He has his doubts the county would ever spend the money to make the Pretrial Services more effective. He and Haines talked about how the county rejected its consultant’s report on the Pretrial Services four years ago.

Pretrial Services Misfire
In 2008, the county commission hired Justice Concepts Incorporated (JCI) to study the criminal justice system, including the Pretrial Services and the Escambia County Jail. After 10 site visits, JCI recommended restructuring of Pretrial Services and new policies and procedures for better mental evaluation of defendants prior to their appearance before the judge.

To help reduce overcrowding the county jail, JCI recommended that Pretrial Services do the following:

•    Use an objective, quantifiable instrument to measure risk to the community, as well as risk to appear at future court hearings,

• Make forensic mental health screeners be available for immediate referral and assessment as defendants are being booked,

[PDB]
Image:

•    Re-interview detainees who are not released at first appearance, or released under bonds, and

•    Have an office at the Jail for ready access to defendants.

When the county began to enact the recommendations, the local bail bondsmen protested in 2009 and asked Escambia County Taxpayers’ Association to investigate the county’s Pretrial Release (PTR) program alleging it was failing the court and the taxpayer. (Inweekly, “Fortunate Felons,” 5/14/09)